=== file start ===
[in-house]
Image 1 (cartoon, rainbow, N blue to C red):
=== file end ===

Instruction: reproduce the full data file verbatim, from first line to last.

[in-house]
Image 1 (cartoon, rainbow, N blue to C red):